New campus construction provides opportunities for minority businesses

Posted on January 10, 2019

Drone photo of Nursing & Instructional Building construction.
The Nursing & Instructional Building and Chiller Plant construction projects have provided over $25.3 million of economic opportunities to minority-owned businesses.

Spartans arriving on campus next week may notice that the construction phases of UNC Greensboro’s new Nursing and Instructional building and new Chiller Plant are well underway. What may not be as obvious is that these projects recently surpassed their goals in providing economic opportunities for minority- and women-owned business enterprises (MWBE).

The Historically Underutilized Business (HUB) program at UNCG is part of a statewide initiative to help MWBE contractors and vendors build contacts and foster growth and profitability for their small business.

To receive HUB certification, businesses must be 51 percent owned by minorities who self-identify with one of the following demographics: Black, Hispanic, Asian-American, American Indian, Female or a Socially and Economically Disadvantaged Person, Disabled-Owned or a Disabled Business Enterprise.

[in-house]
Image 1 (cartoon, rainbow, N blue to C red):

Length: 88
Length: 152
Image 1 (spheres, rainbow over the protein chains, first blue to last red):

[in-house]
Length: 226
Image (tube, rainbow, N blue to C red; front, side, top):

The state of North Carolina has a goal of 10 percent HUB participation for all major construction projects completed by state agencies.

The Nursing and Instructional Building is at 32 percent, and the Chiller Plant is at 36 percent.

Together, the two projects have provided over $25.3 million of economic opportunities to businesses that are most in need.

“We started to set the bar higher in the last five to 10 years,” said Tony Phillips, UNCG’s HUB coordinator of facilities. “We started to realize from a university standpoint, there were bigger opportunities, so why look at 10 percent as a baseline?”

Phillips wanted to split the Nursing and Instructional Building and Chiller Plant into two projects, each with its own HUB goal, to ensure more business for minority contractors.

“We wanted to demonstrate that we don’t just talk the talk, we walk the walk.”

Story by Elizabeth L. Harrison, University Communications
Drone photography and videography by Grant Evan Gilliard, University Communications


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